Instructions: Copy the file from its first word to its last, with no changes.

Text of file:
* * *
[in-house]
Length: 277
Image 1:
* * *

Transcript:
[in-house]
Length: 277
Image 1: